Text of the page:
On that count, they were largely successful. Diffident, but not indifferent. By the time they finished their opening set with Rock and Roll Star and Lyla, The Shock of the Lightning and Cigarettes & Alcohol, it was clear that on this, their latest tour, they were going to stick to playing music and leave the hijinx and entertaining asides aside. Occasionally, Liam strutted around in his black leather jacket, and Noel added a hint of his former mischievous self, blathering nonsense while tuning his guitar. But in general, it was all business, right down to the goofy mop-top haircuts.

Morning Glory, The Importance of Being Idle, a couple new tunes, To Be Where There's Life and Ain't Got Nothin' and later, Liam merely said "Wonderwall" and the place exploded.

The set list sagged a little near the encore with an acoustic version of Don't Look Back in Anger and Champagne Supernova with all singing along, but that was more telling of how long the set list was.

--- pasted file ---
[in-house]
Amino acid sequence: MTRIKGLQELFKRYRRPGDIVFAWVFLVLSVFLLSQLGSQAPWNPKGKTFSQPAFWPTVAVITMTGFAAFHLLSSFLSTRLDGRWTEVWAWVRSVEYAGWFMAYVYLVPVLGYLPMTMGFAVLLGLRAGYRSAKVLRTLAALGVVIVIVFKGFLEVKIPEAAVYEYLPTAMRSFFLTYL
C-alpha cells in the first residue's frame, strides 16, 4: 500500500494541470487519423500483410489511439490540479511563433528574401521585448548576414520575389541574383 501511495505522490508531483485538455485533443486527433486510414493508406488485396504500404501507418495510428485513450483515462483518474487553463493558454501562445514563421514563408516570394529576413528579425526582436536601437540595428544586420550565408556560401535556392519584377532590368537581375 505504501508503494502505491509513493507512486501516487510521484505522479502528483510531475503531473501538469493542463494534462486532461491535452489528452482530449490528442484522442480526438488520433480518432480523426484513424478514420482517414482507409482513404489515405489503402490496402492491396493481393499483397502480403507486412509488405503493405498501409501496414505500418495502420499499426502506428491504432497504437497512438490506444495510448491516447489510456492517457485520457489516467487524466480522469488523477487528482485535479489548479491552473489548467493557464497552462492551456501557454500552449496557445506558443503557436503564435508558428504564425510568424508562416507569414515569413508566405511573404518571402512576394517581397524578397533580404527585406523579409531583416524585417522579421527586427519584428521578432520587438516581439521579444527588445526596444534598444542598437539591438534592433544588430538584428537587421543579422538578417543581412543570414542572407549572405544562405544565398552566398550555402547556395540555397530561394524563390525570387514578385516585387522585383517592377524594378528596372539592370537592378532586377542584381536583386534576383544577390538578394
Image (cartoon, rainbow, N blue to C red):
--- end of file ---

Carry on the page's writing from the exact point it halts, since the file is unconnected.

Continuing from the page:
A cover of The Beatles' I Am The Walrus made for a raucous encore.

A tad bloodless, perhaps, but still among the best two-hours of live music making the old arena's seen.

Opening for Oasis was Ryan Adams and The Cardinals.

The indie singer/songwriter deserved better than he got, but then, I can see how opening for Oasis is a thankless task. Except for a few hundred worshipping fans up front, Adams played to a mostly indifferent audience, at least early in his set. Which was a shame. Still, it didn't take Adams long to win most of the fans over to his gorgeous, combustible and raw songwriting.